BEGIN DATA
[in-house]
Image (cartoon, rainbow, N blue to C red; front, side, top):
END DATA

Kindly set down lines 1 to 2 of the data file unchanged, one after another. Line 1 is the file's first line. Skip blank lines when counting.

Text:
[in-house]
Image (cartoon, rainbow, N blue to C red; front, side, top):